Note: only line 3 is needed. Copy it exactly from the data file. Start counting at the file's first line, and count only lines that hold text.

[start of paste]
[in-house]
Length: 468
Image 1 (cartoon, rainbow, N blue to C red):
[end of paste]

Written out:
Image 1 (cartoon, rainbow, N blue to C red):